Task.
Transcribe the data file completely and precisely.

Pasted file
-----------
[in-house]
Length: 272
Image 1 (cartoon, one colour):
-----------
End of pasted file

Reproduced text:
[in-house]
Length: 272
Image 1 (cartoon, one colour):